1950 Epiphone Triumph Regent Carved-Top Guitar

A good customer of mine bought this grand old Epi as a birthday present for himself. It's a '50 (made 6 years before Epi was sold to Gibson -- a quick update, here: the owner corrected me on the date) and the cutaway on Epi's big body Triumph was fairly new for this model at the time. As you'd expect -- it's a top-flight acoustic jazz guitar right off the bat with a 17 3/8" lower bout, carved spruce top and carved maple back, and long 25 1/2" scale. Its styling and design is definitely up-market and the curvaceous body gives it that classic, sexy, Epi look.

It came with two DeArmond (1940s) "monkey on a stick" pickups that were Mickeyed onto it and originally we were going to retain both, though a pillbug infestation of one of the pickups (which had damaged the coil) meant that we had to go with a one-pickup setup instead. I think this is a surer bet, anyhow, since the placement of the single pickup higher up the body means that the extra weight saps a bit less acoustic tone.

My work on this included modifying that electric setup (tidying it up, mounting it to the pickguard, and making a new wiring harness that grounds and exits a jack at the tailpiece), regluing all the back binding (which had been sloppily-reglued before), regluing about a 1/3 of the back to the sides, a fret level/dress, bridge alteration (to clean-up some icky filing on the base), and a general setup. Two tuners also got some replacement button-mounting screws whose originals had disappeared at some point.

After work this has a really aggressive-but-deliciously velvet plugged-in tone, though the acoustic tone is wonderful as well. It's currently strung 49w-11, however, so I'm assuming that the acoustic tone would really wake up with some mediums -- though the intent here is to have this function as a "damn straight!" electric box.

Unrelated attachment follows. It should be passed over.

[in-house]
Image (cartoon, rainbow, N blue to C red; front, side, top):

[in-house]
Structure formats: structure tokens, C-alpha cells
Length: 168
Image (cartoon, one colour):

One really interesting note, by the way -- there's a metal rod that attaches from neckblock to endblock and was obviously installed at the factory. Along with that frequensator tailpiece, it adds a lot of reverb-like space to the tone which is quite cool. It also seems to have staved-off the need for a reset due to changing geometry. I personally think all guitars should have something similar, but the world disagrees with me!

I'm amazed that the original tuners survived so well. Did I also mention that this guitar is almost entirely original?

The pearl inlay in the rosewood board is classy and restrained.

One nice bit about these old DeArmonds is that you needn't modify the pickguard's profile to mount them. Because someone had already mucked-up the pickguard (see the control area), however, I didn't feel the need to worry about putting a hole in it to mount the pickup more securely. I've also taped it to the back of the guard for more support, too.

In its past life, the DeArmond "control pod" with this bakelite knob was attached directly to the pickguard and a Switchcraft jack was right next to the "E" logo. I removed the latter, added some tortoise backing to plug the hole, and installed a new 500k volume pot instead of the old 250k DeArmond pot. This gives a bit more high-end. After that the signal goes right to the endpin jack and the tailpiece grounds the strings out.

This is a lot more efficient and practical than the funky "monkey on a stick" standard mounting which can put the strings out of tune obnoxiously as they clamp to them behind the bridge.

The original rosewood bridge is in good shape.

The back is two-piece, carved maple with a bit of figure. The whole guitar is quite stunning in person.

A 5-piece neck keeps the guitar nice and stable and a trussrod is hidden under the fretboard extension (hence my placement of the pickup an inch or so down from the extension).

The original hard case puts it just that much more over-the-top!

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